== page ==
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Review Roundup: Jonathan Groff Stars in Netflix Drama MINDHUNTER

Review Roundup: Jonathan Groff Stars in Netflix Drama MINDHUNTER

How do we get ahead of crazy if we don't know how crazy thinks? Two FBI agents (Broadway's Jonathan Groff and Holt McCallany) set out on a sinister investigative odyssey to discover the brutal answers. MINDHUNTER launches on Netflix October 13, 2017.

MINDHUNTER is directed by David Fincher (Gone Girl, Zodiac), Asif Kapadia (Amy, Senna), Tobias Lindholm (A War, A Hijacking) and Andrew Douglas (The Amityville Horror, U Want Me 2 Kill Him?). Fincher, Joshua Donen (Gone Girl, The Quick and the Dead), Charlize Theron (Girlboss, Hatfields & McCoys) and Cean Chaffin (Gone Girl, Fight Club) are Executive Producers.

Jonathan Groff most recently appeared on Broadway in HAMILTON, receiving a Tony nomination for his role as King George III. His other Broadway credits include SPRING AWAKENING and IN MY LIFE. He also lent his voice to 'Kristoff' in the hit animated Disney feature FROZEN.

Take a look at what the critics thought of MINDHUNTER below and make sure to check out the trailer for the show below!

James Poniewozik, The New York Times: "Mr. Groff plays Ford as room-temperature placid yet intense. There's something compellingly off about him; he's a milk-drinking straight ARROW with a monomaniac streak that runs him afoul of department politics. As astute as he is with the criminal mind, basic social cues seem to elude him...I say all this with what has become the usual caveat for a Netflix show. Streaming dramas nowadays take so long to establish their premises that I don't know if the two episodes I've seen are representative or just setup. It's possible "Mindhunter" may settle into a more predictable monster chase. Let's hope not; the chase after ideas here is more interesting."

Daniel D'Addario, TIME: "Netflix's superior new drama MINDHUNTER...based on the fascinating memoir of FBI profiler John Douglas, carries you through one naïf's journey into darkness. Ford, like any ambitious young thing, is bolder than he is wise. That mix of traits serves him well as he travels across the U.S. researching criminal minds. Groff, who played a lovelorn game designer lost in the sprawling San Francisco gay scene on HBO's LOOKING, brings to this show the same questing spirit. He's aided by the direction of David Fincher, whose ornately nasty visual style gave the early seasons of House of Cards their poisoned-truffle savor."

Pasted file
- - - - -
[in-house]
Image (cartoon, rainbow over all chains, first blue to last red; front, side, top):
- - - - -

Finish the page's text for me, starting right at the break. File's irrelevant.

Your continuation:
Ben Travers, IndieWire: "MINDHUNTER wants to eradicate the concept of "other" using a figure everyone instinctually wants to distance themselves from: a murderer. This isn't your typical good vs. evil, cops vs. robbers procedural. If anything, it's trying to eliminate those conceptions. Sometimes it's funny. Often it's chilling. But however you take it, at least "Mindhunter" is working a fresh angle. Grade: B+"

Matthew Gilbert, Boston Globe: "Groff plays Holden as an innocent, and at times he goes a bit too far with it. Holden is in the FBI, but he nonetheless comes off like an undergrad taking Criminology 101. He is in one of the small screen's most awkward bar flirtation scenes. At the same time, Groff nails Holden's growing intuition about interviewing serial killers, as he begins to see how fruitful those conversations can be. You can see him beginning to shed his innocence as he learns to tease out the evil in his interviewees' minds. McCallany also relies on stock traits early on - he's the gruff, more impatient partner - until he comes round to Holden's way of thinking and begins to take their work more seriously. There's not a lot of action in "Mindhunter," whose first season of 10 episodes is available on Friday. "Our goal is to be preemptive," Holden says. But the carefully established atmosphere, THE TALK of murder, and the glimpses of deep derangement are all certainly gripping enough."

Sonia Saraiya, Variety: "...While MINDHUNTER is yet another serial killer drama, it's one with an intriguing angle. The emphasis isn't on finding a killer; it's on institutional reform...Groff has a winning, earnest quality that is entirely at odds with Fincher's merciless lens, making for an effect that is sometimes intriguing and sometimes merely incongruous. The show struggles to make Holden make sense - which makes for a slow, rocky start through his career woes and love life. Though the pilot's tone is an intriguing combination of wry humor and '70s noir, it's otherwise a slog of exposition and painfully on-the-nose scene-setting."

Drew Taylor, Moviefone: "The project is led by Jonathan Groff, who plays a special agent based on Douglas, and Holt McCallany, a terrific character actor and Fincher favorite, plays his partner, a man based on Robert K. Ressler. (Ressler is widely considered to be the person who coined the phrase "serial killer.") Most people will remember Groff from FROZEN, but he's an incredible Broadway talent and previously essayed roles on GLEE and LOOKING. And joining them is Anna Torv, who made FRINGE such a compelling freak out, as a psychologist who assists the agents...Netflix has already commissioned a second batch of MINDHUNTER episodes, so you might as well get in on the ground floor. Remember how STRANGER THINGS became such a huge part of the cultural conversation? Well if MINDHUNTER follows suit, you don't want to be left out in the cold."

Image courtesy of Netflix

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